You’ve seen his music video cover of Bowie’s “Space Oddity” that was actually performed in space. You’ve marveled at his zero gravity water demonstrations, in which he actually uses his own tears. If you’re Canadian, you may have even seen him on a Canadian $5 bill. And if you’re a fan-boy like me, then all of this has made you nerd-crush on Chris Hadfield…hard.
Hadfield returned to Earth in May 2013 after five months spent commanding the International Space Station. Since returning, he’s released his new book, An Astronaut’s Guide to Life on Earth: What Going to Space Taught Me About Ingenuity, Determination, and Being Prepared for Anything. He was gracious enough to chat with me about all of these subjects, as well as another one near to my heart: photography.
Hadfield first photographed in outer space during his first mission, STS-74, in 1995. As part of his third mission, Expedition 35, he had the opportunity to capture thousands of photographs, thanks to the advent of digital photography.
“I think I took about 45,000 pictures during my time at the International Space Station,” Hadfield told me over the phone, “and tweeted between one and two-thousand of them.” And he did all that while commanding the International Space Station, too. Slacker.
To capture his arresting Earth portraits, Hadfield used a Nikon D2 and D3, as well as lenses ranging from fish-eyes to 400mms. In some instances, he used Russian lens doublers, resulting in focal lengths of 2,400. (Examples of earlier Hasselblad cameras astronauts used during earlier missions can be found here.)
“We keep about eight cameras in the main viewing module—or ‘cupola.’” Hadfield explained. “There are so many high-energy protons coming through the station—things that are usually absorbed by our atmosphere—that they destroy the camera sensor. Pixels start dropping out immediately. On some of my lower light pictures you can see the flaws in the imagery.”
“Some of my favorite photos were the ones that seemed as if the Earth was telling me a joke.”
“A cartoon exclamation mark off of Turkey’s coast.”
“Superman’s “S” in South America.”
“A valentine that the Earth sent me.”
But when pressed to pick his favorite, Hadfield mentioned an often-overlooked cloud shot.
“A few months into the flight I was lucky to capture some “noctilucent clouds,” which are way up in the thinnest part of the atmosphere, and are almost always invisible. However, with the perfect weather and lighting conditions, they reveal themselves. One morning while waiting for sunrise I spotted them over the Indian Ocean, flowing like wave crests across the top of the atmosphere. I grabbed my camera, guessed at the settings, and held as still as I could since the light was so low.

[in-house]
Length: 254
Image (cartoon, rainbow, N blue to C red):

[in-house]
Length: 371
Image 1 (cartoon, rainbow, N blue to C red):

“One of the pictures was picked up by Atmospheric Science Magazine, revealing information about the health of our planet. The reason I like the photo is that it’s beautiful, rare, and it had scientific significance.”
Always humble, Hadfield admitted to no formal photography training, attributing the popularity of his photos to his—ahem—“wonderful vantage point,” as well as his five-month tenure there.
“I had time to make mistakes and learn from them. I got to know my subject matter, and also see the subject matter in a lot of different lights and textures.”
Ok. So, needless to say, we had to talk “Space Oddity.” As a musician myself, I had to press Hadfield for details about his unlikely part-time gig as YouTube rockstar. I asked why he thought the video was so popular, at an astonishing 20+ million views at the time of this writing, compared to Bowie’s original video which only had around 8 million.
“Ironic, isn’t it? I think it’s because the song itself is really evocative science fiction, and I laid that down on top of fact, on reality. I took an ephemeral piece of fantasy and wove it into real life. While you’re watching me flying around, you know it’s not a special effect.”
Lastly, I asked Hadfield a question from our Photoshop community.
“What’s the most inspiring thing to experience in space?” I asked.
“The most inspirational thing to see in space is the sunrise. It just blisters up. I would deliberately set my watch, go to the cupola, and watch the glowing rim of the atmosphere as it caught on fire. You can feel the direct, searing heat of the sun on your face, since there’s nothing between you and the sun but a couple panes of glass.”
Even without a camera, Hadfield has a knack for creating a vivid picture, and putting it in your head.
Big thanks to Canadian rock star astronaut Chris Hadfield for taking time out of his insane schedule to chat with me. Ok…now I’m going to listen to Ziggy Stardust while I bask in the sun, down here on Earth. Can you hear me Major Tom?